The Alternative to Baseball: Spaceball
Over the course of the long winter months baseball lovers in the County were waiting for the snow to melt to start their seasons only to find out that as soon as it did there wouldn't be a season at all.
(Michael Boone): "Well I coach the middle school baseball team here in Presque Isle. SO we missed our full season. My brother is in eighth grade so he missed his season. So I was really hoping this would happen so I wouldn't miss two seasons of baseball so I'm glad we're doing something and happy it's to this capacity."
That something Michael is talking about is a modified version of baseball. It's called SpaceBall.
(AP): "Spaceball at it's core is the game of baseball. The biggest difference are that players are not able to field balls outside of their zone. As you can see we've added lines to the field separating each position and players are not allowed to field baseballs to keep them separate on the field. We've also taken the catcher out of the equation to limit that crowding around the plate with space in that regard.
Andrew Perry is the program director at the Presque Isle Parks and Rec Department. The department had a choice to either not play baseball at all or come up with an alternative. They did the latter.
(Andrew Perry): "This was born out of necessity. We were given strict guidelines as far as what we could or could not do...specifically in this case pertaining to baseball. So rather than give in and decide that we weren't going to do anything, we went to the drawing board and said where are the problems...Where do they lie? What are the issues? And how can we fix them? So, Spaceball was born out of the need for an adjustment to space on the field, that's where the name comes from. So the two biggest issues were space and sanitation both of which we've been able to overcome and here we are able to play the game."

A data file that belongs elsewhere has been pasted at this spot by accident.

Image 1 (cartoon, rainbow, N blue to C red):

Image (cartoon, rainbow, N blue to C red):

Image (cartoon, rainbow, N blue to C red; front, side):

Last week the Parks and Rec department held a workout to divide the teams up based on skill level. The kids range from 4th graders to 7th graders.
There are only two teams in the league and they only play 2 games a week, but these kids who have been quarantined in their homes for the last 3 month have no problem with that!
(LC): "I mean it's different but if that's the only thing we can do to play then it's fine with me I don't really mind as long as we're out here playing just getting our practice in."
(AP): "Bottom line we really wanted to give kids their summer back. They've had to sacrifice a lot with academics, school, social time with friends, sports, and we didn't want to give this up. We wanted to do everything we could to make it happen so they could play the game that they loved…
Andrew says game will continue to evolve...The goal is to get it as close to baseball as possible.